The snow is coming. The local morning news meteorologists were hedging their bets on just how much, but it’s pretty clear something is coming. In the South, we lose our minds. We close schools, we raid the grocery stores for bread and milk (even if we never, ever consume them), and we consciously forget how to operate a motor vehicle. If snow comes, some churches will cancel services or, if they don’t, attendance is likely to be low. We won’t cancel. If I can physically get to the church, the Holy Eucharist will be celebrated. Even if no one shows up, like today.
It doesn’t happen often, but there are times when no one comes to mass. As long as I have server, mass is said. If I don’t have a server, I just say the office. While I always want a congregation, and the more the merrier, I do appreciate the empty chairs from time to time for the simple reason that nothing changes. Nothing. Mass is said for the benefit of the people, but it is done for God: “Pray my brother and sisters that my sacrifice and yours may be acceptable to God, the Almighty Father.” The prayers in the sacristy are the same, the approach to the altar is the same, communion is the same, everything is the same. Today might have been the Lord’s reminder that even if attendance is low because of the weather, the mass is critical whether or not there is a critical mass of people; there will always be the angels and archangels and all the company of heaven.
This morning the staff and I hosted our office volunteers to a tea party. For the past three years we’ve used a lovely downtown tea and coffee shop for this event. Our office volunteers help us by answering the phone, working on publications, and any number of important tasks that come up in a church office. It’s nice to spend some time with them when neither of us is running around like our head is cut off. I am very fortunate (and I know it) to have the best colleagues in Christendom. I try to be the best leader I can be, but I am quite aware how I must drive them mad sometimes. We posed for our annual tongue-in-cheek photo. We are missing one member, our sexton, but we’ll get him in the picture someday. We take our faith seriously but not ourselves.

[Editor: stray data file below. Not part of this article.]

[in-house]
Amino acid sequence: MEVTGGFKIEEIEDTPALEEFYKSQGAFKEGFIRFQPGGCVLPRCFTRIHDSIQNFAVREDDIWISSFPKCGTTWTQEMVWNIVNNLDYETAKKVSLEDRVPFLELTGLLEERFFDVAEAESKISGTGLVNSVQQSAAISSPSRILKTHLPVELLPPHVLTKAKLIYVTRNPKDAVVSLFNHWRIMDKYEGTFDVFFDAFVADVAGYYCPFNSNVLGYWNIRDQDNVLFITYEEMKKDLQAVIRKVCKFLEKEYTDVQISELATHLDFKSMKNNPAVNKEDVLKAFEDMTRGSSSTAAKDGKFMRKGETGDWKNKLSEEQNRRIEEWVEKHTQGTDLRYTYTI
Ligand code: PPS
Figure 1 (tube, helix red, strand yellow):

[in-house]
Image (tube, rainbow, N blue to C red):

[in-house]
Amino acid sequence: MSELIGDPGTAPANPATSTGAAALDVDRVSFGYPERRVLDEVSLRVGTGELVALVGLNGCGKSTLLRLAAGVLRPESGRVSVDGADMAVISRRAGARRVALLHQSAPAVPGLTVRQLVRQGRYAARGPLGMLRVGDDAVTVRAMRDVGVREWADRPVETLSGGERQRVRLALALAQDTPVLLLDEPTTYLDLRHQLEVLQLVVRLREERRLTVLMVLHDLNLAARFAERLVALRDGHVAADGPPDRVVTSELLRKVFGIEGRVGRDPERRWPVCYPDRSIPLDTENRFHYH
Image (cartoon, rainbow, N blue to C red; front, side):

When we arrived back at the church, I discovered that St Nicholas had visited, and on his feast day no less! Sitting by the door were two large boxes with six new candlesticks that I found on sale. Our current altar candlesticks are wobbly and, frankly, cheap. These new ones aren’t expensive either, but they are a step up. There is a venerable Anglo-Catholic tradition of using cheap materials to make candlesticks, altar crosses, etc., not because we like cheap things, but because we desire beauty and use whatever we have as an offering to God. These candlesticks are slightly shorter than our current ones and I had to order taller candles (23 ½”).
I spent the rest of the afternoon tying up administrative loose ends: talked to a priest brother on the phone, talked to another friend with a prayer request, booked a flight for a visiting preacher, talked to a colleague about our shelter plans in the event of heavy snow and how to cover the needs on Sunday morning, wrote the weekly newsletter article on why we are no longer using a processional cross for the Gospel procession, etc. I also picked the winner of the Holy Doodle. Some years ago I started placing a blank box on the back of the worship bulletin for children (or adults) to doodle during the liturgy. Children, especially, listen better when they can focus their energy on something productive. I absolutely love to see what they come up with. They draw pictures based on my homily or the liturgical season or the lessons. They always find a way to connect.
Evening Prayer came and the Shrine Prayers went. It’s getting dark so early now that Evening Prayer feels like Compline. When I returned to the office, I worked hard to empty my inbox. I try to have it zeroed out by the evening, but this has been difficult the past month. I’m always afraid I serve my email rather than my email serving me. I try to reign it in and not to obsess over it. Today, I was delighted to discover the snooze button on my Gmail account. Now I can snooze important emails to reappear closer to the time I actually need to respond. The day ended with a text exchange with a police sergeant. She was asking if her officers could use our Law Enforcement Chapel for food and rest during the snow. That’s why it’s there and that’s why we are here.